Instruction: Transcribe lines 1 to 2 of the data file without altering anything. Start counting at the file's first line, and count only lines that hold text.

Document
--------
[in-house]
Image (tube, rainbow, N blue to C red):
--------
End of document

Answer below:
[in-house]
Image (tube, rainbow, N blue to C red):